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Cowell. Eyre Peninsula. Silo art work still being finished. A local cameleer and one of his beloved camels. | by denisbin
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Cowell. Eyre Peninsula. Silo art work still being finished. A local cameleer and one of his beloved camels.

Cowell.Captain Matthew Flinders charted this harbour entrance in 1802 but it was Governor Gawler who visited by ship in 1840 and named it Franklin Harbour after the governor of Van Diemen’s Land who had been a seaman on Flinders’ ship the Investigator in 1802. The McKechnie brothers took up a pastoral lease from here to Cleve in 1853. The land was surveyed for closer settlement (the Hundred of Playford 1878) and the town surveyed and gazetted in 1880. Governor Jervois named it after a friend of his Sir John Cowell. The new wheat farmers needed a port and the first jetty opened at Cowell in 1882. The District Council was formed in 1888 a sign of progress in the settlement. The old buildings of Cowell include the Post Office 1884 now the town museum; the Institute 1912; the District Council Offices 1912; the Methodist Church 1908; the Anglican Church 1909; the Masonic Lodge 1909;the former Baptist Church 1914, from 1933 Lutheran; the Franklin Harbour Hotel built in 1881 as a single storey hotel with the upper floored added in 1907; and the impressive Commercial Hotel built in 1910; the Police Station 1904; the former Bank of Adelaide 1908; the chaff mill 1908; RSL Hall 1953. In 1965 a deposit of jade (nephrite) was discovered in the hills west of Cowell and it is still mined there. It is the jade used in Chinese carvings and premier Cowell black jade is highly prized. The deposits are one of the largest in the world. Nearby Port Gibbon was used to ship out wheat from the earliest days. In 1915 a small town was surveyed here. During World War Two four concrete bomb shelters and radio towers 132 feet high were built to detect any Japanese enemy shipping heading towards the BHP naval ship building yards at Whyalla. By the time the shelters were completed peace had been declared. The shelters were sold to farmers in 1946. Two remain.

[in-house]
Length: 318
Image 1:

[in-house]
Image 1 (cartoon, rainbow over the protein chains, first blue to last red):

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Taken on September 9, 2019